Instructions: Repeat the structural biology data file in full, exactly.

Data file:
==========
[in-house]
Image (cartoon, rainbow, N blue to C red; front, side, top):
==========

[in-house]
Image (cartoon, rainbow, N blue to C red; front, side, top):